Down for the count: Layla, Trinity (on floor) and Arson (with water bottle) practice a woman’s right to bruise during a July 23 boxing event at the Alpine.
Owner Gary Salvatore decided to bring
the event back to the Alpine, 401 Butternut St., on July 23. The last
time he tried it was in 1995. He denied that the economy forced the
gimmick. In fact, he said business is booming. “In this economy you
know what they do. In times like this people go out and drink and have
a good time,” Salvatore said. “We just want to do more for our
The Alpine has been doing that since
Salvatore’s parents Jim and Jenny opened it as a bar and grill in 1953.
Adult entertainment was introduced in 1966. Food has been phased out in
favor of snacks that get your mouth watering at the bar: peanuts and
pretzels. “It’s all an act in here. Entertainment first, that’s what
we’re here for. There’s no second or third,” said Salvatore’s wife,
Three bouts were slated for the big
night. Fighters took fake names like Justice De La Hoya and Bella
Balboa. They sparred in the afternoon before the club opened to prepare
themselves. Salvatore swore “the girls love it, they like to do it,
they enjoy it,” and those on hand spoke for themselves and agreed. “I’m
excited, I don’t get nervous. We’re gonna be the best,” bragged
Heather. Arson admitted, “I occasionally feel the urge to punch one of
my fellow strippers in the head.”
“Fellow entertainers,” corrected Salvatore. Yes, of course.
The novelty of the event generated
excitement, according to three movers from Indiana. After a grueling
day including a 10-hour drive they ate dinner at Alto Cinco. The rest
of their evening fell into place when they saw the Alpine’s
advertisement in the Syracuse New Times. When the doors to the club opened they were there waiting.
Before the main event, it was business
as usual. A deejay introduced exotic dancers one by one, claiming each
was “one of the hottest girls here tonight.” His eclectic playlist
included Eminem and Motley Crue, and possibly Sade. He also gave a
shout-out to three WAQX employees who dropped by to record reactions to
the action but were, as the recent remake would have it, Gone in 60 Seconds.
Pole dancing prowess varied. Some
executed routines that were athletic displays involving handstands,
splits and gymnastic moves. The best, like ballerinas and rodeo clowns,
made physically challenging feats seem natural, effortless and, yes,
sexy. After two song salvos, dancers moved from the main stage to a
mirrored enclosure not unlike a deli case.
A recording of Sly Stallone’s slurred
voice signaled the onset of the festivities around 10 p.m. Thin mats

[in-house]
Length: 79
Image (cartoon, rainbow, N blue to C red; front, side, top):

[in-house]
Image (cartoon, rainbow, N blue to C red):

were thrown down for safety and three white ropes were hooked up to
complete the squared circle. Two contenders made their way up in satin
robes, gloved hands held high. A referee chosen from the audience
joined them and the first match began.
It was all playacting and horseplay but
the hooting crowd loved it. A “spit bucket” for tips got passed around.
There was plenty of aggressive punching—wild jabs and haymakers were
thrown—but periodically the fighters took a break to. . . make up. The
action came to a head when the referee received atypical tag-team
resuscitation after being accidentally “knocked out.”
Victory was beside the point: No one got
hurt and everybody had fun. That’s more than Mike Tyson can say. On the
July 26 CBS-TV telecast of EliteXC’s Saturday Night Fights,
Cristiane “Cyborg” Santors kneed, punched and kicked without mercy
until she was the clear victor and her opponent was a mess of sweat and
blood. It’s debatable if that was a more entertaining spectacle, or
truer to the spirit of sport.
Layla, who “fought” in the last bout,
unhesitatingly said she loves her job. She’s been working at the Alpine
for four months, from 9 p.m. to 2 a.m., six days a week to support
herself and her young daughter. Her two older sisters work at the
Alpine as well. “If I only make $100 in a shift that’s still more than
most people,” Layla asserted. Her last stint was seven months at Tessy
Plastics, where she worked 12-hour shifts for $8.75 an hour before
getting laid off. “I make more now in a night than in a week at Tessy,”
Some might claim this sort of thing
victimizes women but since feminism has gone plural, plenty of people,
including role-model Madonna, have maintained that women should refuse
to repress their sexuality. In other words, if some men are only
capable of viewing women as objects, that’s their problem.
Because the event was such a success,
Salvatore plans to hold a second foxy boxing night in the fall. Read
the pages of The New Times for details.